Join operations in temporal databases

Join operations in temporal databases Joins are arguably the most important relational operators. Poor implementations are tantamount to computing the Cartesian product of the input relations. In a temporal database, the problem is more acute for two reasons. First, conventional techniques are designed for the evaluation of joins with equality predicates rather than the inequality predicates prevalent in valid-time queries. Second, the presence of temporally varying data dramatically increases the size of a database. These factors indicate that specialized techniques are needed to efficiently evaluate temporal joins. We address this need for efficient join evaluation in temporal databases. Our purpose is twofold. We first survey all previously proposed temporal join operators. While many temporal join operators have been defined in previous work, this work has been done largely in isolation from competing proposals, with little, if any, comparison of the various operators. We then address evaluation algorithms, comparing the applicability of various algorithms to the temporal join operators and describing a performance study involving algorithms for one important operator, the temporal equijoin. Our focus, with respect to implementation, is on non-index-based join algorithms. Such algorithms do not rely on auxiliary access paths but may exploit sort orderings to achieve efficiency. http://www.deepdyve.com/assets/images/DeepDyve-Logo-lg.png The VLDB Journal Springer Journals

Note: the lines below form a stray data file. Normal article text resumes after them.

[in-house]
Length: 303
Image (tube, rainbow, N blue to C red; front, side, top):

Join operations in temporal databases

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Publisher
Springer-Verlag
Copyright
Copyright © 2005 by Springer-Verlag
Subject
Computer Science; Database Management
ISSN
1066-8888
eISSN
0949-877X
D.O.I.
10.1007/s00778-003-0111-3
Publisher site
See Article on Publisher Site

Abstract

Joins are arguably the most important relational operators. Poor implementations are tantamount to computing the Cartesian product of the input relations. In a temporal database, the problem is more acute for two reasons. First, conventional techniques are designed for the evaluation of joins with equality predicates rather than the inequality predicates prevalent in valid-time queries. Second, the presence of temporally varying data dramatically increases the size of a database. These factors indicate that specialized techniques are needed to efficiently evaluate temporal joins. We address this need for efficient join evaluation in temporal databases. Our purpose is twofold. We first survey all previously proposed temporal join operators. While many temporal join operators have been defined in previous work, this work has been done largely in isolation from competing proposals, with little, if any, comparison of the various operators. We then address evaluation algorithms, comparing the applicability of various algorithms to the temporal join operators and describing a performance study involving algorithms for one important operator, the temporal equijoin. Our focus, with respect to implementation, is on non-index-based join algorithms. Such algorithms do not rely on auxiliary access paths but may exploit sort orderings to achieve efficiency.

Journal

The VLDB JournalSpringer Journals

Published: Mar 1, 2005

References

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